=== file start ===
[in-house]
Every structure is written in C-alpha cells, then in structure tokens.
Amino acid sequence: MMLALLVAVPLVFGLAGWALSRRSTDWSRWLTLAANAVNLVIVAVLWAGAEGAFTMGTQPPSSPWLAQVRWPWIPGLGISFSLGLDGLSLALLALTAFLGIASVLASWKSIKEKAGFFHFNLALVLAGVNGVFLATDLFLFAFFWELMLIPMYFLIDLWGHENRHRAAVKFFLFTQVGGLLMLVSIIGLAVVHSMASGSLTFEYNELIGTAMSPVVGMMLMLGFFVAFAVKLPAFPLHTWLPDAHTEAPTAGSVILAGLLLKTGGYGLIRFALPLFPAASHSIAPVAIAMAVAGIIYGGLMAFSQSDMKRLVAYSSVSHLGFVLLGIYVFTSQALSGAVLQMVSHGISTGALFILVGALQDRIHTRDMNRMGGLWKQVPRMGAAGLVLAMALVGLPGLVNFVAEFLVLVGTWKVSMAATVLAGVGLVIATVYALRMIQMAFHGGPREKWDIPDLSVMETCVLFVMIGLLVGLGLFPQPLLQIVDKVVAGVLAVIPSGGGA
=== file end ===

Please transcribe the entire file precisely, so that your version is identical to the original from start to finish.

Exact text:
[in-house]
Every structure is written in C-alpha cells, then in structure tokens.
Amino acid sequence: MMLALLVAVPLVFGLAGWALSRRSTDWSRWLTLAANAVNLVIVAVLWAGAEGAFTMGTQPPSSPWLAQVRWPWIPGLGISFSLGLDGLSLALLALTAFLGIASVLASWKSIKEKAGFFHFNLALVLAGVNGVFLATDLFLFAFFWELMLIPMYFLIDLWGHENRHRAAVKFFLFTQVGGLLMLVSIIGLAVVHSMASGSLTFEYNELIGTAMSPVVGMMLMLGFFVAFAVKLPAFPLHTWLPDAHTEAPTAGSVILAGLLLKTGGYGLIRFALPLFPAASHSIAPVAIAMAVAGIIYGGLMAFSQSDMKRLVAYSSVSHLGFVLLGIYVFTSQALSGAVLQMVSHGISTGALFILVGALQDRIHTRDMNRMGGLWKQVPRMGAAGLVLAMALVGLPGLVNFVAEFLVLVGTWKVSMAATVLAGVGLVIATVYALRMIQMAFHGGPREKWDIPDLSVMETCVLFVMIGLLVGLGLFPQPLLQIVDKVVAGVLAVIPSGGGA